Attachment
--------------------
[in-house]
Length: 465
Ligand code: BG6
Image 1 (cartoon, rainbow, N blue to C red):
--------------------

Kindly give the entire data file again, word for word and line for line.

[in-house]
Length: 465
Ligand code: BG6
Image 1 (cartoon, rainbow, N blue to C red):